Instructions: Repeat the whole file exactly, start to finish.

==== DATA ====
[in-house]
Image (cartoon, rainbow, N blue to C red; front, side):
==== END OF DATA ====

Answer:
[in-house]
Image (cartoon, rainbow, N blue to C red; front, side):